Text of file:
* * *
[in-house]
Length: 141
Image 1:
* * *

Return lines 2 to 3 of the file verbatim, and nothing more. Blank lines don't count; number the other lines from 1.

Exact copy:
Length: 141
Image 1: